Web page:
One day, I was there, the next day I was gone, and they were left - almost, on their own. If there was any way I could change any of that, I would do it in a heartbeat. I hate the feeling they must have and I am to blame. However, I was left without a father, literally, from the day I was born and only by the grace of God was I raised in a responsible home with grand parents who loved me as their own. But, my point will be, I have personally known dozens - if not, hundreds, of fatherless children who have made a better life for themselves. Something that seemed difficult for me to do and so, what follows will take a closer look at my life through my eyes as they were and are today.
"Nan", our grand mother, took me home to Yale, MI, from Ohio, when I was a little over three years old and used to delight telling others, I stood the whole way, gazing out of the windows. I guess I wanted to see what I could see. I don't know of the first time I fell and scratched my knees, but I would bet I ran to "Nan" who would hug me and tell me, ..."everything's going to be OK."
And it wasn't until I saw the neighborhood kids getting new bikes and going to new places that I did not and learning to do whatever I was asked to do, that I began to realize, I was somehow, different. My mother would come up to the farm and ask how I was doing and sometimes, pull me close so that I got a smell of her perfume, but I soon learned that I was living on a "performance based" schedule as far as she was concerned. I began to pray that she would marry one of the guys who would tag along on her visits, but that never happened. I did well in school, very well indeed, but when it came time for others to talk about going to college, I was told there was no money.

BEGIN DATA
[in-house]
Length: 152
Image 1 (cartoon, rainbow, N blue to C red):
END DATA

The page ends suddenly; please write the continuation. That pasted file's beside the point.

Along came World War II and the possibilities of a college education and I jumped at the opportunity, even though I had not completed high school. I would get my diploma because I passed a GED test and that was all that was required. During the first week in the service - I think I have mentioned that in an earlier blog, I was left behind and that thought fit perfectly with my experience on the farm. So, I was gone. No one seemed to care. Fortunately, the military had to care and so I went where I was scheduled to go, according to their schedule. It would stay that way for the following seven years. I did not have to think about where I was going, what I would be doing, who was directing me and all of that - and more, and it all began to sink in. It was not MY fault if something went wrong, it was THEIR fault.
I would wind up in the Korean War and when I came home, no one seemed to notice, no one asked about where I had been, what I had done, even though if they had asked, I was prepared to go on for hours on just a few of my many experience. I was in Hawaii four different times, for God's sake. Everyone else would drool a the thought of just going there. But for me, there were no questions, apparently, no one cared.
I got out of the Air Force to go to school, to get a college degree, go back in and retire when I was forty years old. That was my plan, but I screwed up. I wound up living in my mother's apartment and I hated it. A gal said she loved me and so I got out of that apartment and was married, to a gal who worked for the airlines. We could fly everywhere she said. I bought into that as well. But I was popular in college and soon there were social commitments as I became the President of the student body. I went alone as she did not want to go. There were pretty girls everywhere, some even daring to ask about the absence of my wife. I graduated and took a job I would hate because it offered more money than the jobs I thought I might like. I quit the one I hated and took one I thought would be great and I failed miserably. Whose fault? Hers, of course. So, I left town, got drunk often, found jobs that I enjoyed and succeeded until it was discovered I drank too much.